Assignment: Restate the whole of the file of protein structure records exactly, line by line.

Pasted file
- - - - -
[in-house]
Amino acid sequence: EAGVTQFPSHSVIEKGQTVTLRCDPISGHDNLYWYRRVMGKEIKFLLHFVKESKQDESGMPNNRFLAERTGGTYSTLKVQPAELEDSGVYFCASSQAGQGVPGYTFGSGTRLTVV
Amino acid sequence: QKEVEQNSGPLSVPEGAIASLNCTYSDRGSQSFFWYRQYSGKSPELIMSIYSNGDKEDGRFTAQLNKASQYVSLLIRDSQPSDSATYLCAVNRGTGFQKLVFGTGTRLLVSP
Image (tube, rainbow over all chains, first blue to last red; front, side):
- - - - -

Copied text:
[in-house]
Amino acid sequence: EAGVTQFPSHSVIEKGQTVTLRCDPISGHDNLYWYRRVMGKEIKFLLHFVKESKQDESGMPNNRFLAERTGGTYSTLKVQPAELEDSGVYFCASSQAGQGVPGYTFGSGTRLTVV
Amino acid sequence: QKEVEQNSGPLSVPEGAIASLNCTYSDRGSQSFFWYRQYSGKSPELIMSIYSNGDKEDGRFTAQLNKASQYVSLLIRDSQPSDSATYLCAVNRGTGFQKLVFGTGTRLLVSP
Image (tube, rainbow over all chains, first blue to last red; front, side):